Given the length and complexity of these six-part pieces, the cost is £12 each for them (The Gesualdo - shorter and in five parts, is the usual £6). For this, you will receive a score, parts and the usual selection of sound files.
- An informal Online Early Music Forum has been created using Jamulus, open to all, to allow people to sing and play together online. For more information, click here.
- David Hatcher has created another set of pieces for Music MInus One. These are Palestrina’s twenty-nine 5-part settings of Canticum Canticorum, the Song of Songs. He says: 'These astoundingly beautiful pieces were first published by Gardano in Rome in 1584 and reissued in Venice in 1587. It is this second print that I have used as the source for my edition." You can access the “catalogue” and some sound samples from the Consort-music-minus-one page on David's website, http://www.dhatcher.co.uk/consort-music-minus-one
- David Hatcher has just finished his second collection of Consort-Music-Minus-One pieces. This collection is really singer-friendly: the beautiful settings of Petrarch’s Le Vergine by Cipriano de Rore, published in his Il terzo libro de madrigali a cinque voci, in 1548 by Gardano in Venice. These come with completely new editions of the eleven pieces prepared specifically for this project and presented as scores and parts. As they are in five voices, there are six sound files with each piece: a complete version, then five more with a different part missing in each. Each madrigal is £6 (score, parts and six sound files). Please contact David at email@example.com if you would like to make a purchase.
- Cat on the Keys Music is producing a series of backing tracks for a variety of early music instrumental works. From baroque sonatas for recorder, violin and oboe by Bach, Handel and Albinoni, to Renaissance divisions and grounds, and Purcell songs. Each work comes in a variety of tempi and pitches to suit modern and Baroque instruments, learners and more experienced players. A few tracks are free to download, with a low price-tag for all other works. To find out more, go to https://www.catonthekeysmusic.co.uk/
- The Sixteen (Musical Director Harry Christophers) are producing a range of online performances and talks: click here.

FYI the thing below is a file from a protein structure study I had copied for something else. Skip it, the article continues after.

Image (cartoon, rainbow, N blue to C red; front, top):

- To learn more about Ex Cathedra's activities during the lockdown, and to see how you can get involved, click here.
- Renaissance wind band The City Musick are offering downloads of 'music minus a part': for £5 per piece you get access to a score pdf [and parts where necessary], a high quality audio file of the full piece, and audio files of the piece minus the part you wish to play. See https://www.tcmusick.com/cck-music-store
- Knowing that many of us are missing playing consorts with each other, David Hatcher has made it possible for us to play with him! See here for more about the project and/or email him to place your order. All these pieces have a mere (?) four parts, so to celebrate completing the 39th and final piece, David has produced Wylkynson’s 13-voice canon Jesus autem transiens/Credo from the Eton Choirbook, on 13 bass viols! Here’s the link:https://www.dropbox.com/sh/4f3rjd8d4ddadqc/AADOVaFwwrymKjI6TwSZKmNsa?dl=0.
- Julia Bishop is offering one-to-one Baroque violin lessons on Zoom. Baroque repertoire of your choice and guidance on technical issues, Baroque performance practice etc. Fee £30.00 per hour.To find out more, email her on firstname.lastname@example.org
- Viol players may be particularly interested in this link.
- I Fagiolini have sent us links to sites where you can enjoy their work. Firstly, a new series of videos coming out once a week (two already up) where a Fagiolini track is played with the score appearing simultaneously. If you like it, they ask that you subscribe to the series - it's free of charge. Click here to visit it. They also have a site where they have uploaded a number of performances, interviews etc: click here to visit.